Specter, Leahy Criticize House GOP Move to Split Ninth Circuit
By KENNETH OFGANG, Staff Writer/Appellate Courts
The chairman and ranking minority member of the Senate Judiciary Committee teamed up yesterday to oppose a proposal, backed by House Republicans, to split the territorial jurisdiction of the Ninth U.S. Circuit Court of Appeals in two.
“The reorganization of appellate circuits is a major policy initiative and would impact the system of justice for millions of Americans,” Sens. Arlen Specter, R-Pa., and Patrick Leahy, D-Vt., said in a letter to their Budget Committee counterparts.
“The issue is squarely under the jurisdiction of the Judiciary Committee and any budgetary issues are merely incidental,” the two senators wrote. “Accordingly, we oppose including any such measures in any reconciliation package.”
The House Budget Committee voted last week to include the split in a bill that would be considered under expedited procedures that preclude a Senate filibuster.
Past Filibuster Threat
The threat of such a filibuster by Democratic opponents of a split, such as California’s Sen. Dianne Feinstein, a Judiciary Committee member, has helped keep past circuit-splitting bills from reaching the Senate floor.
A Judiciary Committee subcommittee last month held a hearing on the issue. The three active Ninth Circuit judges who favor a split—Diarmuid F. O’Scannlain, Andrew Kleinfeld, and Richard Tallman—testified, telling senators the court has become too large to function well.
Chief Judge Mary M. Schroeder and Judge Alex Kozinski also testified. They told senators there is no need to split the circuit because it continues to operate efficiently and there is no consensus among the judges, or among the lawyers who practice before it or the public it serves, that a split is necessary or desirable.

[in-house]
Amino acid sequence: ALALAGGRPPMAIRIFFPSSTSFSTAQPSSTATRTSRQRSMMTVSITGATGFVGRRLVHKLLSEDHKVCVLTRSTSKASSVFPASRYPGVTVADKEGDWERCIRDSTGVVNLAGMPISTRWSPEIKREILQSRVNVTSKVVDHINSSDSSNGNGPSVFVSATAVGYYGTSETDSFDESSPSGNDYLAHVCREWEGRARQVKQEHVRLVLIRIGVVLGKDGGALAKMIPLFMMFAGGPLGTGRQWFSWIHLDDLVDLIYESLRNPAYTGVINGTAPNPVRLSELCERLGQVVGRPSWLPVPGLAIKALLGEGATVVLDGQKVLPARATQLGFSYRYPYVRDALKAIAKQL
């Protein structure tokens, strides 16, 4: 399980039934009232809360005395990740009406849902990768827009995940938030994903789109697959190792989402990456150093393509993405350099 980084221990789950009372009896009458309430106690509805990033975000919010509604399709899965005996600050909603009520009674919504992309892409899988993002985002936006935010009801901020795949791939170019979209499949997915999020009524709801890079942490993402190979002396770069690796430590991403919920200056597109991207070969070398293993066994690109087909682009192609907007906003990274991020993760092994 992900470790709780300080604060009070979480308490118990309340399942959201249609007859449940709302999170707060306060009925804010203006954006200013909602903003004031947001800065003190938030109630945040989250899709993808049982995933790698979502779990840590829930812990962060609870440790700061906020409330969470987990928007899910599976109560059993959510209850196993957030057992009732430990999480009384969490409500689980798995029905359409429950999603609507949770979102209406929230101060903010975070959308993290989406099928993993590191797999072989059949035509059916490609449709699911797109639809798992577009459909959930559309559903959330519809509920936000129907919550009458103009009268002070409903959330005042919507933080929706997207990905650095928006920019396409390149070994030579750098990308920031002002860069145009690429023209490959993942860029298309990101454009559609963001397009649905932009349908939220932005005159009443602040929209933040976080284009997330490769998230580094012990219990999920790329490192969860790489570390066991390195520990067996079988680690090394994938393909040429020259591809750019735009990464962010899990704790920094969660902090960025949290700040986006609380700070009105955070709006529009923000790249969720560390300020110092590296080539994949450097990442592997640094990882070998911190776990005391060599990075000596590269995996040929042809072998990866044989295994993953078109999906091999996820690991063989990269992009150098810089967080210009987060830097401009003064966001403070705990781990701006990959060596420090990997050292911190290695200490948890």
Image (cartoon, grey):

The House measure approved last week—on a Budget Committee vote with all Democrats opposed—would leave California, Hawaii, Guam, and the Northern Mariana Islands in the Ninth Circuit, while Arizona, Nevada, Oregon, Washington, Montana, Alaska, and Idaho would form the new Twelfth Circuit.
Supporters say the Ninth Circuit, which covers nine states with about 54 million people, is too large to operate effectively. But opponents allege politics by Republicans angry at some of the court’s rulings, like the 2002 opinion that declared the Pledge of Allegiance unconstitutional when recited in public schools.
Opponents also complain that the split would leave the new Ninth Circuit with 72 percent of the current caseload but only 60 percent of the current number of judges, and would be expensive to the taxpayers.
The Administrative Office of the United States Courts has estimated that such a split could cost as much as $96 million in start up costs for the Twelfth circuit and $16 million in annual operating expenses.
The Senate last week passed its own version of the deficit reduction bill without the Ninth Circuit split. If the breakup makes it through the House, congressional negotiators would have to work out whether to include it in the final bill the House and Senate would vote on.
“I strongly oppose this effort to split the Ninth Circuit,” Feinstein said in a statement. “It is a lose/lose proposition, one with clear financial costs to the administration of justice and with human costs to those with cases before the court.”
Feinstein last week wrote influential House Rules Committee Chairman David Dreier, a Republican who represents much of the San Gabriel Valley, urging him to oppose the plan.
Feinstein also said she intends to raise a point of order on the floor of the Senate if the Ninth Circuit split language is included in the final Budget Reconciliation conference report. Under the so-called “Byrd Rule,” the inclusion of matters in reconciliation measures not connected to its central, budgetary purpose is generally prohibited and subject to a 60-vote point of order.
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